India faces record heat waves: ‘The only reason is global warming’

The South Asian nation is bracing for temperatures to hit an all-time high, according to Mrutyunjay Mohapatra, head of the country’s meteorological service. The agency is working with states and the disaster management branch of the federal government to quickly alert people on the ground, he said in an interview in New Delhi.

The thermometer readings have already reaches 46 degrees Celsius (115 degrees Fahrenheit) in central and northern India, with two months before the monsoon season which usually brings refreshing rains. They reached their highest level since 1901 last month. The heat has electrical networks tested that the air conditioners are running at full speed and wheat crops under threat. Local authorities are implementing action plans to manage health risks and even deaths, Mohapatra said.

“Why is it exceptionally hot this year? The only reason is global warming,” said Roxy Mathew Koll, a climatologist at the Indian Institute of Tropical Meteorology. “We’ve looked at the data for seventy years and the intensity, the number of heat waves is a direct response to global warming.”

India should suffer more frequent and intense heat waves, extreme rainfall and erratic monsoons over the next few decades as the planet warms, according to the United Nations Intergovernmental Panel on Climate Change. McKinsey estimates lost work hours due to heat waves could cause losses of up to $250 billionor 4.5% of gross domestic product by the end of the decade.

For India, the poorest super-emitter in the world, adapting to a warmer Earth is as urgent a task as reducing the emissions that warm the planet. A recent study showed a 62% increase in heat-related deaths over the past 20 years. A official assessment of climate change published in 2020 showed that the frequency and intensity of droughts and cyclones had increased significantly over the past six decades. The number of intense precipitation days and the rate at which sea levels rise more than doubled during this period.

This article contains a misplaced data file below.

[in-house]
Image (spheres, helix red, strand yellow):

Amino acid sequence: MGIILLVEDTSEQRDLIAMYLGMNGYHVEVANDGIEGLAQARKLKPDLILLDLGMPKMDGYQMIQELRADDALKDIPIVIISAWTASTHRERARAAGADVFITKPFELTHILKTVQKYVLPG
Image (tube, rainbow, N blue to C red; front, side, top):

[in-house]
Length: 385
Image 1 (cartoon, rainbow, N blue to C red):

Disasters show how countries like India, which are responsible for a relatively small amount of greenhouse gases accumulated in the atmosphere, support the weight of climatic impacts. It means spending billions on protection instead of investing in economic development that could lift millions of people out of poverty. These countries, particularly in Africa, also tend to lack the resources to monitor and forecast the weather so that they can better prepare for extreme events.

India is investing to improve its observational data and computing capabilities to build better climate models, Mohapatra said. The country’s official meteorologist has managed to reduce the number of cyclone deaths to six in 2021, from 10,000 a year in 1999, by making more accurate short-term forecasts.

Still, the country is racing against time as more erratic weather patterns become harder to predict. “The worsening of climate change limits the predictability of events,” Mohapatra said.

For now, local governments may need to consider a range of measures to protect people from the heat, Mohapatra said. They could limit school hours to the cooler morning hours of 7 a.m. to 11 a.m., advise against agricultural and construction work in the afternoons, and provide additional support for street vendors, outdoor workers, the police and those living in the city slums without access to cooling devices. .

Thursday evening, the meteorological service issued an orange alert for the next five days for North West and Central India. The region, home to some of the most polluted air in the world, didn’t get the light summer rains that usually come in April and May to bring down temperatures and wash away dirty particles.

“IPCC projections clearly show that heat intensity is increasing and encroaching on our daily lives, and the impact is on vulnerable people who have few resources in areas where we don’t even have observations” , said Koll of the Indian Institute of Tropical Meteorology. . “We need higher resolution data and, more importantly, we need long-term policies.”

Teresa H. Sadler